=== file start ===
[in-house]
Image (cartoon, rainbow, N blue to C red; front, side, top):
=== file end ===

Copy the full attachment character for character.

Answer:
[in-house]
Image (cartoon, rainbow, N blue to C red; front, side, top):